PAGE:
The following sentence is ambiguous. Provide two explanations which illustrate the different meanings of the sentence. "Please make sure you take the right turn at the intersection."
The sentence is ambiguous because of the word "right." Right could refer to a direction of navigation, or it could refer to a correct choice.
If somebody were to give you directions, and the intersections were confusing, the above sentence wouldn't necessarily tell you which direction to turn. I would hope that because the person is giving directions, "right" means a literal turn toward the right. In other words, don't go left.
The ambiguity comes from the fact that the sentence might simply be telling you to make the correct choice at the intersection. If someone told you, "When you get to Broadway and 9th, take the correct path," whether that path is right, left, or straight is not indicated. It is assumed that the person knows the correct direction to navigate and doesn't need to be told in which direction to go. In my opinion, that's poor direction-giving. If I am giving somebody directions, I assume they don't know how to get somewhere. I will use "right" exclusively as a direction indicator. Occasionally, a person will repeat the directions back to me, and I am very careful with how I respond.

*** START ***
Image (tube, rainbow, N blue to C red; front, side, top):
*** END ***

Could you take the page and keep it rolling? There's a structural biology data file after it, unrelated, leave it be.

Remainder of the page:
For example, the person might ask, "So, when I get to the corner of Ash and Lincoln, I go left?" If that is correct, I will say "correct." I will not say "right." If I say right, the person won't know if I am affirming them or correcting them.
The key word here is the adjective “right.” Which one of its meanings is used in this instructional sentence?
If “right” is used to mean “correct,” then this instruction could be considered almost a warning. The upcoming road crossing is complex. Please be sure to make only the correct and proper turn at this juncture. The implication is that if you don’t do so, you will get lost. Or at the very least, you will have to turn around and approach the crossing in the other direction and figure out from that point which way the “correct” way lies.
If “right” is used as a directional term, then it refers to the opposite of “left.” As you approach this complex road crossing, put on your right turn signal (if you are driving a car), and turn onto the road that lies just to your right. Again, the implication is that you may get lost if you don’t make this turn.